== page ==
Glendinning, S. (1996) Analytical and continental philosophy. Filosoficky Casopis, 44 (2). pp. 257-276. ISSN 0015-1831. (The full text of this publication is not currently available from this repository. You may be able to access a copy if URLs are provided)
It is usually assumed that Derrida's reading of Austin is or aims to be a Continental critique of the analytical tradition of philosophy. In this paper it is argued that conceiving the case of Austin and Derrida as a contest between two traditions of philosophy is wholly inappropriate and superficial. Derrida's work is in many respects quite close to Austin's, both interested in and indebted to his problematic. Indeed, both can be seen to have a central concern with a tendency to simplify and schematize the functioning of ordinary language, a tendency which they both call ''philosophical''. Of course, Derrida's view of Austin's theory of speech-acts is not uncritical. Specifically, he argues that Austin's theory is forced into exclusion of possibilities of the iii phenomenon of ordinary language - what Austin calls ''marginal'' and ''parasitic:'' cases - that are neither rigorous nor logical. The cases at issue concern circumstances in which language is used, in Austin's terms, ''not seriously'', for example, in stage recitation. Against Austin, Derrida argues that such cases are, qua possibility, part of the essential structure of a language. It is, he claims, inconceivable that something should be a word and not have ''citationality'' as part of its logical structure. And hence one cannot exclude the ''parasite'' without distorting one's account of the ''ordinary'' as well. Through a careful re-appraisal of Derrida's argument it is shown that the real lesson of the case of Austin and Derrida is just how difficult it is to avoid a preconceived ideal of the ordinary to which we think reality must correspond; of presuming as unproblematic an approach to ordinary language which is idealizing in its inception.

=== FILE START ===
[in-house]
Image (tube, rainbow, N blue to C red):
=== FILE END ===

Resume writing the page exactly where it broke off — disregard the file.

|Subjects:||B Philosophy. Psychology. Religion|
|Divisions:||Faculties > Social Sciences > School of Psychology|
|Depositing User:||R.F. Xu|
|Date Deposited:||05 Jun 2009 00:00|
|Last Modified:||05 Jun 2009 00:00|
|Resource URI:||https://kar.kent.ac.uk/id/eprint/19207 (The current URI for this page, for reference purposes)|